In an effort to protect vulnerable homeless individuals from COVID-19 and slow the spread of the virus in our communities, 98 homeless individuals have been sheltered in hotel rooms in Merced County. This statewide initiative is known as “Project Room Key.”
Merced County allocated $3.5 million in funding to address housing, health care, toiletries and food needs for unsheltered individuals who test positive for COVID-19. In addition, services are available to those who have symptoms and require isolation based on medical advice, and those that are medically vulnerable and highly susceptible to the virus. The funding, originally allocated to address homelessness, was made available through a partnership between the Merced County Continuum of Care, Behavioral Health and Recovery Services, Human Services Agency and funds provided by state and federal COVID-19 response allocations. No General Fund dollars are included in this effort.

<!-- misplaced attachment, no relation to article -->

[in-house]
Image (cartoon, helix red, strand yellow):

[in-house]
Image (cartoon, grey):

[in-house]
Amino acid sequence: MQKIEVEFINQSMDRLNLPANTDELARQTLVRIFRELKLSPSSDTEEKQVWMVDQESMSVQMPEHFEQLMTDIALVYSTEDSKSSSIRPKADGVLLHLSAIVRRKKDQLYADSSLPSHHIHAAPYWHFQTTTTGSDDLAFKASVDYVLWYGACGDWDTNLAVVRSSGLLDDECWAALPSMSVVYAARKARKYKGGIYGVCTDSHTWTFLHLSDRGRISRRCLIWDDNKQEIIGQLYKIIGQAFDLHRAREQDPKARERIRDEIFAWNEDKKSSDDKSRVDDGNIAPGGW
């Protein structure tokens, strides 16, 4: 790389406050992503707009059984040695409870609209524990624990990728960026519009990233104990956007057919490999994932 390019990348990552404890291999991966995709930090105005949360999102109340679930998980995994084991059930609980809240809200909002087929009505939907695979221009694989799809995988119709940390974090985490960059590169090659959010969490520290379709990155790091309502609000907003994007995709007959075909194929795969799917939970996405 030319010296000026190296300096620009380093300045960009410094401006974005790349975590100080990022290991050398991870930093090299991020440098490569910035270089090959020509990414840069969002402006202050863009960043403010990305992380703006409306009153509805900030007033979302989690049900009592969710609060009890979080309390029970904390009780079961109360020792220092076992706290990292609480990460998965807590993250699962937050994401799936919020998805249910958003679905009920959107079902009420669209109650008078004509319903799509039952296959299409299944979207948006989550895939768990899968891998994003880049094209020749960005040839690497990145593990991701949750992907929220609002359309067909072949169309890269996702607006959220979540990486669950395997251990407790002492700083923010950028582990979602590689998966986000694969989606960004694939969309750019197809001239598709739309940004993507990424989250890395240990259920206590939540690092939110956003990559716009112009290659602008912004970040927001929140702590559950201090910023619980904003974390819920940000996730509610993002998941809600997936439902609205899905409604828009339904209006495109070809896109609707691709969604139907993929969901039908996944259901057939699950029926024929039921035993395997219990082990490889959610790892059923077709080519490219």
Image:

In addition to the nearly 100 individuals housed, staff with the Mass Care and Shelter Branch and community organizations have contacted more than 300 homeless individuals to provide immediate services, including food and other essential items and services.
Housing and health care services are provided on a priority basis, but food and toiletries are available to all.
The program was coordinated locally by the Merced County Human Services Agency, the Behavioral Health and Recovery Services Department, Merced County Department of Public Health, and community partners comprised of faith-based and non-profit organizations.
“We are taking a multi-agency approach to engaging with unsheltered homeless individuals and identifying those who need services and medical follow-ups due to COVID-19,” said Yvonnia Brown, Director of the Merced County Human Services Agency. “These efforts will not only provide much needed assistance to those individuals, it will also help contain the spread of COVID-19 within the community at large.”
“We are excited about being a part of a program that is providing basic needs for individuals with some of the greatest need,” said Dr. Rebecca Nanyonjo-Kemp, Director of the Merced County Department of Public Health. “We care about the health and safety of all residents, including the most vulnerable in our community. This project highlights how Merced County is advocating for the well-being of homeless individuals by providing some of the most basic vital needs. It is our hope that this project will be successful in slowing the spread of COVID-19 in our community.”